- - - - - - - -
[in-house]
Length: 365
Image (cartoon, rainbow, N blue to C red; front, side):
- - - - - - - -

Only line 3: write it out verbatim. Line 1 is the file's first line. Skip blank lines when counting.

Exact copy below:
Image (cartoon, rainbow, N blue to C red; front, side):